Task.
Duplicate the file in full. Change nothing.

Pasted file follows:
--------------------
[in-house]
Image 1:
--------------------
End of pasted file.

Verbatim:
[in-house]
Image 1: